What is Swing?

Swing is a lightweight GUI (Graphical User Interface) library that is used to create window-based Java applications. This library eases the Java developer’s life by providing a lot of graphical components (such as buttons, labels, and so on).

Swing’s benefits include:

  • the high degree of customization – it is possible to modify any UI component according to your needs;
  • platform-independence – unlike its predecessor called AWT, the Swing library allows you to write GUI once and run it on any OS with no trouble.

We hope you are interested in this library now. It’s time to write and run a simple program.

Hello World-ing Swing

In Swing, all of the classes that represent graphic elements start with the letter J. They are located in the javax.swing package.

The JFrame class represents an empty window. To improve the basic window, you should extend this class and then customize the subclass as you need.

Here is the HelloFrame class that demonstrates the window with the predefined size and a title.

import javax.swing.*;

public class HelloFrame extends JFrame {

    public HelloFrame() {
        super("My First Swing App");
        setSize(300, 300);

    public static void main(String[] args) throws Exception {
        Runnable initFrame = new Runnable() {
            public void run() {
                new HelloFrame();


We create an instance of Runnable and pass it into SwingUtilities.invokeAndWait method to initialize a frame. Further, we will discuss why we need to initialize Swing applications in that way.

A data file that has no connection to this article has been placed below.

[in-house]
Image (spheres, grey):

Here are some explanations about how it works.

The HelloFrame class extendsJFrame and customizes its default properties. The constructor sets the title "My First Swing App" as the window’s title, the size (in pixels), and the visibility of the windows.

The setDefaultCloseOperation method inherited from JFrame sets the default close operation. Here, the constant JFrame.EXIT_ON_CLOSE becomes the default operation after the close button on the title bar is clicked on. Instead of being hidden, the JFrame is disposed of when the frame is closed. It allows the JVM to exit and the program to terminate.

We’ve reached the smallest part that needs a thorough explanation. The main method just creates the frame to be displayed. Once it has been started, the AWT event dispatching thread keeps working until all of the Swing top-level windows are disposed of. The program will not stop even after the completion of all the code in the main method.

Enjoying the window

Once we have created a window, it is time to start the program and enjoy it!

The window looks a little different on other operating systems, but its behavior is always the same.

The created window (on MacOS)

This window has a size of 300 x 300 pixels. It can be closed by clicking the standard closing button (it depends on the OS).

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